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Social Publishing Evolution: From Posts to Feeds and Streams to Topic Pages
Paul Chaney | October 4, 2012
The more I read about content curation, the more I believe we’re experiencing a publishing evolution.
Back in blogging’s early days, posts consisted of lists of links, which later morphed into lists of links annotated by commentary from the blogger. Still later, long-form posting came about giving guys like me the opportunity to bloviate ad naseum.
With the onset of social media came feeds and streams, which amplified the noise level to such deafening proportions that it could be the equivalent of standing next to the speakers at a Deep Purple concert!
To put it another way, we’ve gone way beyond the information super highway and ramped onto the LA freeway system during evening rush hour!
Even better, combine driving LA freeway traffic with Deep Purple playing on the radio at full blast and you get a picture of what I’m talking about.
“What? You can’t hear me? Wait, I’ll turn it down. That’s better. Now we can talk.”
Something has to be done about this and, thankfully, it is. It’s called content curation and its focused on organizing web content in such a way that crowded passageways become more navigable. It may not be enough to turn our content consumption into a Sunday afternoon drive on a scenic byway, but it does reduce the stress quite a bit.
ReadWriteWeb Editor Richard McManus says that such topically organized content, which he refers to as topic pages, are the “next big thing.” And they are the next big thing because they have to be the next big thing or we will all go stir crazy due to the cacophony.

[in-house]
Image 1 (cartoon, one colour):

In his post, McManus references Medium, which happens to be the next technological apparatus to foment from the fertile minds of Evan Williams and Biz Stone. (When you consider they literally put blogging on the map with Blogger, then followed up with the micro-blogging sequel called Twitter, it’s probably smart to pay attention to this latest creation.)
I believe that expert curators will become the next Internet superstars because they will do for us what we won’t do for ourselves, and that is undertake the arduous task of organization on our own. Think of these people as digital librarians organizing content into a sort of Dewey decimal system that makes it easier to find what we’re looking for and become more productive as a result.
If McManus is correct in his assertion, curation is the “new black.” I’m ready to embrace it and do my best to curate content the members of my tribe will appreciate. What about you?
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